Inaccurate information often influences reasoning and memory even after a clear correction has been elicited. This is known as the continued influence effect of misinformation. The current thesis addresses three questions: (1) Does the familiarity of the misinformation play a role in the continued influence effect? (2) Are some correction formats better at promoting belief change than others? (3) Does credibility of the information's source influence how the misinformation or the correction is processed? The results of this thesis contribute to theoretical conceptualizations regarding memory and belief, as well as practical applications for how to best correct misinformation.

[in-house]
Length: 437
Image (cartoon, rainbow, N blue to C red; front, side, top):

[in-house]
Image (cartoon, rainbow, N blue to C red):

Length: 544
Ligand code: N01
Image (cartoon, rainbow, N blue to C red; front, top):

|Qualification||Doctor of Philosophy|
|Award date||9 Jan 2018|
|Publication status||Unpublished - 2018|